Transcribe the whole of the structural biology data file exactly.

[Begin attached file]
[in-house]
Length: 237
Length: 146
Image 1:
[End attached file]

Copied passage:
[in-house]
Length: 237
Length: 146
Image 1: